, Volume 48, Issue 2-3, pp 115-125
Date: 25 Apr 2007

Does IGF-I stimulate pancreatic islet cell growth?

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Abstract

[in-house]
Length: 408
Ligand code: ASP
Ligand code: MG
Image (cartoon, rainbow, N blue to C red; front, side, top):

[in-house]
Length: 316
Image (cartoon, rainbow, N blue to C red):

Both IGF-I and its receptor (IGF-IR) are specifically expressed in various cell types of the endocrine pancreas. IGF-I has long been considered a growth factor for islet cells as it induces DNA synthesis in a glucose-dependent manner, prevents Fas-mediated autoimmune β-cell destruction and delays onset of diabetes in non-obese diabetic (NOD) mice. Islet-specific IGF-I overexpression promotes islet cell regeneration in diabetic mice. However, in the last few years, results from most gene-targeted mice have challenged this view. For instance, combined inactivation of insulin receptor and IGF-IR or IGF-I and IGF-II genes in early embryos results in no defect on islet cell development; islet β-cell-specific inactivation of IGF-IR gene causes no change in β-cell mass; liver- and pancreatic-specific IGF-I gene deficiency (LID and PID mice) suggests that IGF-I exerts an inhibitory effect on islet cell growth albeit indirectly through controlling growth hormone release or expression of Reg family genes. These results need to be evaluated with potential gene redundancy, model limitations, indirect effects and ligand-receptor cross-activations within the insulin/IGF family. Although IGF-I causes islet β-cell proliferation and neogenesis directly, what occur in normal physiology, pathophysiology or during development of an organism might be different. Locally produced and systemic IGF-I does not seem to play a positive role in islet cell growth. Rather, it is probably a negative regulator through controlling growth hormone and insulin release, hyperglycemia, or Reg gene expression. These results complicate the perspective of an IGF-I therapy for β-cell loss.